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Radial or Triradial Headsail

Discussion in 'Ask All Sailors' started by dlochner, Feb 12, 2018. Add this thread to a FAQ

  1. dlochner

    dlochner

    Joined Jan 11, 2014
    1,448 posts, 389 likes
    Sabre 362
    US Fair Haven, NY
    It is time to replace the genoa on Second Star. For a couple of reasons I moving to a 135% genoa from a 150%; we are getting older and a slightly smaller sail will be easier to handle and we hope to do some extended coastal cruising where we might find stronger winds. Currently we start reefing the main or rolling in the 150 around 18 knots (depends on the point of sail). With a smaller headsail I anticipate we won't have to reef until the winds are in the low to mid 20s.

    Both lofts are quoting the same fabric, Contender CDX and the prices are close enough that cost isn't an issue. What are the relative advantages and disadvantages of each design?
     


  2. Jackdaw

    Jackdaw

    Joined Nov 8, 2010
    7,999 posts, 1,580 likes
    Beneteau First 36.7 & 260
    US Minneapolis MN & Bayfield WI
    There are a few extra panels and a bit more sewing/glueing on a tri. And a bit more wasted cloth. So more manufacturing costs are slightly higher. Now while the loads are less on the tack than on the head and clew, a tri-radial sail will (all else being equal) be better performing than a bi-radial. More cloth oriented along the load paths. So do the tri unless there is a compelling reason not to.
     


  3. BarryL

    BarryL

    Joined May 21, 2004
    692 posts, 18 likes
    C&C 110
    US Mt. Sinai, NY
    Hey,

    Do you keep the bottom of your boat very clean? Do you have a folding or feathering prop? Do you trim your sails constantly? Are you sheets a very low stretch line? Do you adjust the sheet leads depending on point of sail, wind strength, and heel? If you answered no to any of those questions you will never notice the difference between bi and tri radial.

    Good luck,
    Barry
     


    Parsons likes this.
  4. dlochner

    dlochner

    Joined Jan 11, 2014
    1,448 posts, 389 likes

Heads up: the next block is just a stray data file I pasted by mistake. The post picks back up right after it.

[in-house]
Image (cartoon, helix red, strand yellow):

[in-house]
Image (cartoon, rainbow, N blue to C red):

Sabre 362
    US Fair Haven, NY
    Since I do all those things, what kind of difference might I notice?
     


    Will Gilmore likes this.
  5. Bosman

    Bosman

    Joined Oct 24, 2010
    292 posts, 27 likes
    Solina 27
    CA Wabamun, Alberta
    I had a similar dilemma a couple of years ago when I replaced my cross-cut sails. Price difference between the bi-radial and tri-radial was not a lot. I was "interviewed" on my sailing habits, range of wind etc by the sailmaker. In the end, I was told the tri-radial will keep it's shape longer over the useful life of the sail. At that point I made my decision with tri-radial design. NOTE: while the main is tri-radial, my 105% jib is tri-radial/bi-radial hybrid with vertical battens, again this was the sailmaker's recommendation. I do not regret a single penny spent, besides the sails look awesome.
     


  6. Parsons

    Parsons

    Joined Jul 12, 2011
    467 posts, 125 likes
    Catalina 36
    US Bay City, MI
    This is a really good list of questions. It is much more pertinent than asking "Do you race?". Many of us don't really race, or only occasionally for a weekend, but still care about performance.
     


  7. dlochner

    dlochner

    Joined Jan 11, 2014
    1,448 posts, 389 likes
    Sabre 362
    US Fair Haven, NY
    Talk to me about those vertical battens. Are they necessary because of the design? Do they work?

    Also, I wasn't entirely clear in my description, one sail maker is suggesting a "clew radial" all panels radiate from the clew.

    And yes, having awesome looking sails is most important. :)
     


    Will Gilmore likes this.
  8. Bosman

    Bosman

    Joined Oct 24, 2010
    292 posts, 27 likes
    Solina 27
    CA Wabamun, Alberta
    The vertical battens allow to increase the sail area while maintaining same foot. On a normal jib, the leech is 'hollow' in order to maintain it's tension and prevent flutter. I wanted larger sail without changing the foot and this was perfect solution for me. In your case, you might be able to go down to ~120% foot while keeping same sail area as ~135% (more or less). The sail would be easier to handle and faster to furl. This is something you should discuss with your sailmaker. Some reading materials: